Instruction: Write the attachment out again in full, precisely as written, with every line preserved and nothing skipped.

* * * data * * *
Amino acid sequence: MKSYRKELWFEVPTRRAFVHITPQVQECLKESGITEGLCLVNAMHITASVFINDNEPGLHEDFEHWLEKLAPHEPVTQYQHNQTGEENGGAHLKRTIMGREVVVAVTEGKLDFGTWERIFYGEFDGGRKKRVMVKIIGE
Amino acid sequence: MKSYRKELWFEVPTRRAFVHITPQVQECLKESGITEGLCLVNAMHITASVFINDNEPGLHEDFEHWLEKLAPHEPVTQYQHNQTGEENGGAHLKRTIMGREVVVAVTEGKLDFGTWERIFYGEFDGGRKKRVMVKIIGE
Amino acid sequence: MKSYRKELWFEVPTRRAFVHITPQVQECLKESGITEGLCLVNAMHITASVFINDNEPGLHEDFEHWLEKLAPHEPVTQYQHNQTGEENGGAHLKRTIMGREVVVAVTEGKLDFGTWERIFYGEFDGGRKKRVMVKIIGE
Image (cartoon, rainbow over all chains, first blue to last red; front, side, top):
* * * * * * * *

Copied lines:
Amino acid sequence: MKSYRKELWFEVPTRRAFVHITPQVQECLKESGITEGLCLVNAMHITASVFINDNEPGLHEDFEHWLEKLAPHEPVTQYQHNQTGEENGGAHLKRTIMGREVVVAVTEGKLDFGTWERIFYGEFDGGRKKRVMVKIIGE
Amino acid sequence: MKSYRKELWFEVPTRRAFVHITPQVQECLKESGITEGLCLVNAMHITASVFINDNEPGLHEDFEHWLEKLAPHEPVTQYQHNQTGEENGGAHLKRTIMGREVVVAVTEGKLDFGTWERIFYGEFDGGRKKRVMVKIIGE
Amino acid sequence: MKSYRKELWFEVPTRRAFVHITPQVQECLKESGITEGLCLVNAMHITASVFINDNEPGLHEDFEHWLEKLAPHEPVTQYQHNQTGEENGGAHLKRTIMGREVVVAVTEGKLDFGTWERIFYGEFDGGRKKRVMVKIIGE
Image (cartoon, rainbow over all chains, first blue to last red; front, side, top):